Heavy-breather goes all the way

Movie: Out of Sight

Our Rating: 4.00

TV's smirking "ER" doc George Clooney has attempted more than several big-screen breaks but none of them has yet proven him a box-office bonanza. "Out of Sight," the sizzlingly sexy crime-caper flick based on the Elmore Leonard novel, is just the ticket.

Incarcerated in South Florida's Glades Correctional Institution for unarmed bank robbery, Clooney's good-hearted felon, Jack Foley, takes advantage of a planned escape. With his partner in crime, Buddy Bragg (Ving Rhames), on the ready and a stolen car waiting for him over the fence, the break-out looks promising. That is, until the unexpected arrival of fiery federal marshal Karen Sisco (Jennifer Lopez), who inadvertently becomes part of the escape.

Locked in a trunk together, the lady and the thief get very close very quickly as they discuss movies and chance encounters as the getaway car speeds down the road. When Karen is put into a decoy car with stoner Glenn Michaels (Steve Zahn), while Jack and Buddy make a clean break from her, it's clear that she's not going to let Foley get away with his latest stolen possession: her heart.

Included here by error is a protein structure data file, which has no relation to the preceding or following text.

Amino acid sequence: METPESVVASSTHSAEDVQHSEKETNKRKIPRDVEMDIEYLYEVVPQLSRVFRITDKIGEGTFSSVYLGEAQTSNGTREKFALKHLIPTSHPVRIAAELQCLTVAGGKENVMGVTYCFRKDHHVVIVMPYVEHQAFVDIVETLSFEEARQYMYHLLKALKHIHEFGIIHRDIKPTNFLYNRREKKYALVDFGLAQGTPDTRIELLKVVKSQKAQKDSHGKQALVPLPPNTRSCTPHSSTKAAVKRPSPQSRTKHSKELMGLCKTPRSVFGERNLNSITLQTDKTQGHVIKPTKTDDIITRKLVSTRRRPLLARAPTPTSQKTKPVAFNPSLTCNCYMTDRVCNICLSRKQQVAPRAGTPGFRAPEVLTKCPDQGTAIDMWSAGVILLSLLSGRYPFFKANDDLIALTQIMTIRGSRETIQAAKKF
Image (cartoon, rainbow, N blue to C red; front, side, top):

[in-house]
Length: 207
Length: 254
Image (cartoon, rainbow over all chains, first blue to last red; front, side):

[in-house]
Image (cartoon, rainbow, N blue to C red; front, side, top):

Through a series of flashbacks, the richly complex plot falls together like a jigsaw puzzle, with all of the pieces finally coming together when the action moves from sunny Miami to gloomy Detroit, where Jack and Buddy and a motley assortment of criminals plan to pull off their final heist.

Echoing the cinematic style of the '70s, director Steven Soderbergh ("sex, lies, and videotape") creates a unique playground for this odd array of characters, including Don Cheadle as a hot-headed ex-boxer/ex- con and Dennis Farina as Karen's overprotective dad. And then there's the hilariously bewigged Albert Brooks as a former white-collar criminal, who shoots his mouth off in prison about his fortune in rough-cut diamonds and becomes the target of the latest sting.

But the heart of the movie lies in the smoldering chemistry between Clooney and Lopez. Editor Anne V. Coates has assembled one of the sexiest scenes to come onscreen in a long time: Eschewing any sense of real time, Clooney and Lopez bounce back and forth from cocktail foreplay to the real thing, inducing an audience full of heavy breathers.

It may be void of summer-blockbuster special-effects, but Soderbergh's excellent ensemble cast and superb direction and editing added to the steamy coupling of Clooney and Lopez take "Out of Sight" all the way.


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